International Women’s Day: Break the Bias

International Women’s Day: Break the Bias

Despite a recent positive trend, the number of women in technology is still low compared to other industries. The theme for this year’s International Women’s Day is #BreakTheBias, and I think it is worth discussing what bias means.

Anyone who has worked in the corporate world has undergone company-required training for everything from cyber security to sexual harassment. More recently, courses such as equity, diversity, and inclusion have taken center stage. Some employees feel offended; some feel it doesn’t apply to them; and others think it’s too big a topic to only spend one hour once a year on. Personally, I have experienced all three emotions.

Misunderstandings, wrong word choices, and sometimes plain ignorance gets labeled racist or sexist or whatever-ist way too quickly and easily these days. Given our current political climate and divisions across multiple identities, there’s not a lot of dialogue going on. In fact, it’s a lot of monologue – and it’s not conducive to civil discussion and understanding, which is the ultimate goal.

During the summer of 2020, amidst the unrest in so many American cities, my company hired a firm to come in and deliver an ad hoc session on what was called “diversity training.” Despite the fact that the company had a really good mix of race, nationality, gender, religion, etc., just about every segment had a negative attitude going into it. But I must say, it was the most eye-opening corporate training session I have ever been a part of.

The session began with a little teaser that went something like this:

A father and his son are driving on a country road when a deer crosses in front of them. The deer totals the car and both the father and his son are injured. Two ambulances show up to the scene and take them to separate hospitals.

The son is brought into the operating room and the surgeon stops and says, “Wait a minute. I can’t operate on this boy. He’s my son.”

How is that possible?

I’ll save you the suspense – there’s no adoption/stepparent thing going on. The surgeon is a woman; the boy’s mother.

I forget the exact stat, but it’s something like 87% of people are unable to solve the riddle, including more than 70% of women.

It’s not sexism. It’s not discrimination. It’s nothing sinister. It’s simply bias. We all have biases – some are inherent, some are learned, but we all have them. The idea of the session was not to make anyone feel guilty, but just to recognize that we all have them. To prove the point from a different perspective, the speaker did an exercise by posing the following:

Raise your hand when, in a certain situation, your age was an advantage. Every hand went up.
Now raise your hand when, in a certain situation, your age was a disadvantage. Again, every hand went up.

Raise your hand when your gender…
Raise your hand when your skin color…
Raise your hand when your education level…

And so on. Every person’s hand was up for every situation. Sometimes our different identities are an advantage and other times they are a disadvantage. Rarely is it entirely correct, and rarely is it entirely incorrect. Most of the time, it’s somewhere in between and at least partially inaccurate. By framing the session with this type of perspective, just about every single person was disarmed and open-minded, and willing to examine their own situations and actually learn and have a renewed outlook moving forward.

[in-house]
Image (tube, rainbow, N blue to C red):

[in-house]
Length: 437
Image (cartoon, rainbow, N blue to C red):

So back to the 2022 International Women’s Day theme of #BreakTheBias. In my industry (software technology), there has historically been a disproportionate lack of women. I’m not here to point fingers or bash the industry at all. Thirty years ago, not very many women embraced STEM classes at high schools and universities, and therefore didn’t seek careers in technology. Now that has changed and the numbers are starting to shift in a positive direction toward a more realistic representation of the general population.

But bias still remains. Looking at a stack of resumes, trying to find suitable candidates for tech jobs, are we still somewhat affected by our perceptions and inherent biases? I believe you should always hire the best candidate for the job, but are the number of women being considered for each job still disproportionately low? I don’t know, but I’m challenging everyone out there to think about it and consider it when you look at the next stack of resumes. Simply giving more women a seat at the table of consideration is a solid first step.

I’m proud that our company has multiple women and other minorities in the C-suite. I’m proud that we have the same at the VP and Director level. My boss is a woman, as is her boss, and her boss’ boss. We can’t blink our eyes and expect an entire industry to magically change overnight. But we can ensure it is always moving in a positive direction. Let’s not make International Women’s Day another one of those days when every company virtue signals on social media and then goes back to business as usual. Let’s continue to #BreakTheBias every day.

Craig Dekshenieks

Craig Dekshenieks is the Content and Campaigns Manager at Syncron. He believes that being truly open and understanding with other cultures and identities is the key to bridging the gaps that divide us.